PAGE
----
On April 4th, 1968 Martin Luther King Jr. was assassinated in Memphis, Tennessee. Although he was only thirty-nine years old when he was murdered, King had already completely changed the course of the Civil Rights Movement and re-defined the American conscience. Yet, he paid the heaviest cost for his dedication and passion in bringing about change. Many Americans had been hopeful that through progressive legislation and policies, hate had largely begun to be rooted out in the United States; that after years of oppression and discrimination, a sort of national healing process had begun. But King’s assassination, and events during the spring and summer of 1968, would show just how divided and enraged a large part of the American public was. From riots in Detroit to the anti-war protests in Chicago, turmoil was apparently erupting in every corner of the country. Bigotry, too, was undefeated. Although segregation had been legally ended, many Southerners still violently opposed integration and African-Americans were incredibly limited in their employment, living, and educational opportunities across the country. Even though the laws had been changed, the system itself was still rigged.
The same night of Martin Luther King’s death, Robert Kennedy (who was in the middle of a long, bitter presidential primary campaign) climbed onto the back of a battered pick-up truck in downtown Indianapolis and addressed a huge crowd of anxious supporters. Most of them had no idea of what happened in Memphis just a few hours before. Although Kennedy had planned on delivering his usual stump speech, he realized that the gravity of the situation called for something more meaningful, so he decided to speak off-the-cuff. As the midwestern sky darkened and the crowd hushed, an obviously distraught Kennedy slowly announced that “Martin Luther King [had been] shot and killed”. The crowd’s reaction was immediate and intense; initial gasps of disbelief turned to pained cries of panic and frustration. But, Kennedy continued. The words that he spoke had a profound effect on his audience, and 50 years later, continue to have a profound effect on me. Kennedy mostly spoke of the need for compassion and understanding in the face of bigotry; for the need to bridge our differences and unite ourselves against the expressions of hate and violence that appear so frequently in our society. Whenever tragedy strikes, I find myself going back to these ideas, and I almost always end up re-reading this speech. I guess it serves as a reminder that decency exists everywhere, and that despite what we may see on TV or in the newspapers, most people really do want to understand and accept those who might be different than them.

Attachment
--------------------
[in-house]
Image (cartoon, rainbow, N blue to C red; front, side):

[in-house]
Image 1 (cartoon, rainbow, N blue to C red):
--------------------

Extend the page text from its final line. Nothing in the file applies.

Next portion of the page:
I really can’t do his actual words justice, though, so I thought I should include at least the last half of the speech for you to read. So, here it is:
“My favorite poet was Aeschylus. He wrote: "In our sleep, pain which cannot forget falls drop by drop upon the heart until, in our own despair, against our will, comes wisdom through the awful grace of God."
What we need in the United States is not division; what we need in the United States is not hatred; what we need in the United States is not violence or lawlessness; but love and wisdom, and compassion toward one another, and a feeling of justice toward those who still suffer within our country, whether they be white or they be black.
So I shall ask you tonight to return home, to say a prayer for the family of Martin Luther King, that's true, but more importantly to say a prayer for our own country, which all of us love--a prayer for understanding and that compassion of which I spoke.
We can do well in this country. We will have difficult times; we've had difficult times in the past; we will have difficult times in the future. It is not the end of violence; it is not the end of lawlessness; it is not the end of disorder.
But the vast majority of white people and the vast majority of black people in this country want to live together, want to improve the quality of our life, and want justice for all human beings who abide in our land.
Let us dedicate ourselves to what the Greeks wrote so many years ago: to tame the savageness of man and make gentle the life of this world.
Let us dedicate ourselves to that, and say a prayer for our country and for our people.”
When tragedy strikes, like it did so horribly yesterday, it’s necessary to remind ourselves of the importance of dedicating our lives to the “love and wisdom and compassion” that Kennedy spoke of. It might seem cheesy or idealistic, but I think that tolerance and understanding is the only real option we have.
Written by Matthew A.
April is the cruelest month, breeding/ Lilacs out of the dead land, mixing/ Memory and desire, stirring/ Dull roots with spring rain.
-T. S. Eliot
R2: The Rice Review
Rice University's undergraduate literary magazine. Here you can find event updates, monthly writing contest winners, and opinions by the R2 staff on what's new, interesting, or subject to discussion in the literary and arts world.